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  • Published: 3 April 2006
  • ISBN: 9781844139286
  • Imprint: Pimlico
  • Format: Paperback
  • Pages: 288
  • RRP: $24.99
Categories:

Firestorm

The Bombing of Dresden 1945



A brilliant new book about one of the most controversial British and America air campaigns of the Second World War.

On the night of 13 and 14 February 1945 the RAF bombed the city of Dresden, causing devastating fires which obliterated the historic city centre and killed many thousands of people. Sixty years later these raids remain one of the most notorious, and also one of the most controversial, episodes in the history of the Second World War. FIRESTORM: THE BOMBING OF DRESDEN, 1945 assembles a cast of distinguished scholars, including Sebastian Cox, Nicola Lambourne, Soenke Neitzel, Richard Overy and Hew Strachan, to review the origins, conduct, and consequences of the raids. Each contributor writes from his or her own perspective, offering the reader a panoramic reassessment of the evidence and the issues, including the question of whether or not the bombing of the city constitutes a war crime. FIRESTORM cogently demonstrates the reasons why Dresden has come to symbolise the military and ethical questions involved in the waging of total war.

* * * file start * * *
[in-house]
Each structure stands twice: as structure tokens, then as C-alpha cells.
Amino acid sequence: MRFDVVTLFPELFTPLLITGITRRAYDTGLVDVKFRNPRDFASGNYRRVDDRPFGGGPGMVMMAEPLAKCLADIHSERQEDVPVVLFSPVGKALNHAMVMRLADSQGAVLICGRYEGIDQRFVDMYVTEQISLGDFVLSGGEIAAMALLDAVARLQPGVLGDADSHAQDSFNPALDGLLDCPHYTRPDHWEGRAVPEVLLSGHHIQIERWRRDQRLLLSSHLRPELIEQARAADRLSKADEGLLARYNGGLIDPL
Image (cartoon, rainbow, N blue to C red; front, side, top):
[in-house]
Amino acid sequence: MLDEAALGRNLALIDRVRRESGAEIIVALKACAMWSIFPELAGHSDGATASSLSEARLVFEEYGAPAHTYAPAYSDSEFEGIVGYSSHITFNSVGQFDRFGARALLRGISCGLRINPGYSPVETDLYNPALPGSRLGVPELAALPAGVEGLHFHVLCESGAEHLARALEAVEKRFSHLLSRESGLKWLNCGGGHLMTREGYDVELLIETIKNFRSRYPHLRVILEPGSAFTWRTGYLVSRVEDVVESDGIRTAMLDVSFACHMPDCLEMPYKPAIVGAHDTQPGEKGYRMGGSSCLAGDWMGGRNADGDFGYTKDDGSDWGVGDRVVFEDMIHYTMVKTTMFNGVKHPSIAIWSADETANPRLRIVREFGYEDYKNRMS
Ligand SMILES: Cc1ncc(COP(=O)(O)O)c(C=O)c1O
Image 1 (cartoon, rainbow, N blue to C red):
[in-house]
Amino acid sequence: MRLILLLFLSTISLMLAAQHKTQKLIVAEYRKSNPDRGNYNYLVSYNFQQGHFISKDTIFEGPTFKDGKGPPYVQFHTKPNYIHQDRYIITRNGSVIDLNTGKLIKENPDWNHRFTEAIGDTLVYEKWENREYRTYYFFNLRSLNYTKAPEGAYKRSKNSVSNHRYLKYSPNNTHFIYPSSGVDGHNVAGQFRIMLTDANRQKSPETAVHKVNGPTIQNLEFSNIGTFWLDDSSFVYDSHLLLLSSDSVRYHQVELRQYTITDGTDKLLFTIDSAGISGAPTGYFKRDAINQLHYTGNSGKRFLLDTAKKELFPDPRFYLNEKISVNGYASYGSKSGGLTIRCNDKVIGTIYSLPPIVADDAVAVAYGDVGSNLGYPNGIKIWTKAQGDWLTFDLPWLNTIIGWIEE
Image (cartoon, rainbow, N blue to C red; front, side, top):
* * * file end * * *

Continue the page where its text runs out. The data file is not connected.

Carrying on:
• Published: 3 April 2006
  • ISBN: 9781844139286
  • Imprint: Pimlico
  • Format: Paperback
  • Pages: 288
  • RRP: $24.99
Categories:

About the authors

Jeremy A Crang

Paul Addison and Jeremy Crang work at the Centre for the Study of the Two World Wars at the University of Edinburgh. They are the editors of The Burning Blue (Pimlico, 2000) and Firestorm (Pimlico, 2006), collections of essays on the Battle of Britain and the Allied bombing of Dresden respectively.

Paul Addison

Paul Addison teaches history at the University of Edinburgh and is a former visiting Fellow of All Soul's College, Oxford. He is the author of Now the War is Over, a social history of post-war Britain which accompanied an acclaimed BBC television series; and Churchill on the Home Front, described by David Cannadine in the Observer as 'the best one-volume study of Churchill yet available'.

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